I regret that the survey did not have a question in the teacher survey regarding increased student attendance since having the tablets. Increased attendance would be another indicator related to improved learning outcomes since attendance rate is usually directly correlated to learning.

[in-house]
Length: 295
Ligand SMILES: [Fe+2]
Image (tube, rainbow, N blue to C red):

Though I was happily surprised to hear such a positive community response to using the tablets, I was more shocked that the tablets have now become practically the only source of learning in schools now. On one hand, it was discouraging that the teaching materials and strategies that we provided over the course of three years, were practically abandoned. On the other hand, most of those teachers hadn’t been using the materials and strategies very successfully anyway. So, I’m not sure I could definitively answer the question of whether education has improved. There is a definite impact on education with shifting the source of learning from teacher-led to tablet-led. Time and more quantitative research would be needed to tell if this is helping students meet educational goals. It seems to be helping with globalization goals though by narrowing the technology gap in isolated monolingual regions of Indonesia.